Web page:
Enormously popular, extraordinarily productive… No wonder Andres Galarraga is the first former Colorado Rockies star inducted into the Colorado Sports Hall of Fame.
The best $500,000 the Rockies ever spent went into the contract Galarraga signed as a free agent on November 16, 1992. He was a career .267 hitter at the time and coming off a season with the St. Louis Cardinals in which he struggled to hit .243 with 10 home runs in 95 games. The year before, with the Montreal Expos, he hit only .219 with nine homers in 107 games. At age 31, the first baseman’s best years in baseball seemed to be behind him.
But the Big Cat wasn’t done. Turns out, he was the purr-fect acquisition for the National League expansion franchise, which debuted in 1993.
Galarraga was an immediate hit with the Rockies, winning the 1993 NL batting title with a .370 average. He starred for the Rockies through the 1997 season, powering the creation of the Blake Street Bombers with a .316 batting average, 172 homers and 579 RBIs in his five seasons in Denver. He was the Rockies’ first all-star and still has the only six-hit game in team history. He led the NL with 47 homers and 150 RBIs in 1996, the year after he had the first three-homer game in team history. He led the NL with 140 RBIs in 1997. Talk about a great investment. Galarraga didn’t disappoint.
If the Rockies saw it coming, they must have remembered Galarraga batted .305 for the Expos in 1987 and .302 for them a year later, when he hit 29 homers and drove in 92 runs. But the Venezuelan’s career clearly was in decline when he arrived in Denver. Galarraga not only revived his career while playing for the Rockies, he thrived. He was one of baseball’s premier players when he signed with the Atlanta Braves as a free agent after the 1997 season. When he retired from the game in March 2005, after surviving a battle with cancer, he was a five-time all-star, two-time Gold Glove winner and career .288 hitter who had 2,333 hits (including 399 homers) and 1,425 RBIs in 2,257 games with seven franchises.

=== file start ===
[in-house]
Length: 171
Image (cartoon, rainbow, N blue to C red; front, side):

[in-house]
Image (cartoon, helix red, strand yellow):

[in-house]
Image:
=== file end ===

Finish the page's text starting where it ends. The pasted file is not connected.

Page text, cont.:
“When he caught it on the screws, it sounded like a rifle shot,” Rockies manager Clint Hurdle told The Denver Post, referring to Galarraga’s hitting ability. “You won’t meet someone more deserving (of being in the Colorado Sports Hall of Fame). He was one of the kindest gentlemen, who could really mash a baseball.”
Hurdle was the Rockies’ hitting coach and first base coach in 1997, when Galarraga launched a remarkable rocket against the Florida Marlins in Miami. It was one of Galarraga’s six grand slams with the Rockies, a 529-foot blast off Marlins pitcher Kevin Brown that still ranks as the longest homer in Rockies history.
“My favorite memory of Cat? When he hit the grand slam off Kevin Brown in Florida,” Hurdle said. “That was the first time I ever got chills when someone hit a home run. I couldn’t believe someone could hit a ball that far.”
That was the first time I ever got chills when someone hit a home run. I couldn’t believe someone could hit a ball that far.